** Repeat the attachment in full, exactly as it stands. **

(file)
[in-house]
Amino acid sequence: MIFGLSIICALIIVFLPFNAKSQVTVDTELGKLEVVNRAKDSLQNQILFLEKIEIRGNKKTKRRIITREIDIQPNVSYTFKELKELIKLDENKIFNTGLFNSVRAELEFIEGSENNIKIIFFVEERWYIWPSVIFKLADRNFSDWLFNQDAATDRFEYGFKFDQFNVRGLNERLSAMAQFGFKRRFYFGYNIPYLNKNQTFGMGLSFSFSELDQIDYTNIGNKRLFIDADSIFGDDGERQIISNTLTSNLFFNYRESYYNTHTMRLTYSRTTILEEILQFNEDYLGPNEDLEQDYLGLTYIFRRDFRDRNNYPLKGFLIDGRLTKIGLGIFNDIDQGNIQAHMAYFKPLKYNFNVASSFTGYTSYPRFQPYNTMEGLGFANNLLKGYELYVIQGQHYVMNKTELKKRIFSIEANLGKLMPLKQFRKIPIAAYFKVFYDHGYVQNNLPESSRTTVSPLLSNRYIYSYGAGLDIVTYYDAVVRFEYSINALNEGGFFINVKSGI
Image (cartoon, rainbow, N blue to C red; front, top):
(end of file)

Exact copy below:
[in-house]
Amino acid sequence: MIFGLSIICALIIVFLPFNAKSQVTVDTELGKLEVVNRAKDSLQNQILFLEKIEIRGNKKTKRRIITREIDIQPNVSYTFKELKELIKLDENKIFNTGLFNSVRAELEFIEGSENNIKIIFFVEERWYIWPSVIFKLADRNFSDWLFNQDAATDRFEYGFKFDQFNVRGLNERLSAMAQFGFKRRFYFGYNIPYLNKNQTFGMGLSFSFSELDQIDYTNIGNKRLFIDADSIFGDDGERQIISNTLTSNLFFNYRESYYNTHTMRLTYSRTTILEEILQFNEDYLGPNEDLEQDYLGLTYIFRRDFRDRNNYPLKGFLIDGRLTKIGLGIFNDIDQGNIQAHMAYFKPLKYNFNVASSFTGYTSYPRFQPYNTMEGLGFANNLLKGYELYVIQGQHYVMNKTELKKRIFSIEANLGKLMPLKQFRKIPIAAYFKVFYDHGYVQNNLPESSRTTVSPLLSNRYIYSYGAGLDIVTYYDAVVRFEYSINALNEGGFFINVKSGI
Image (cartoon, rainbow, N blue to C red; front, top):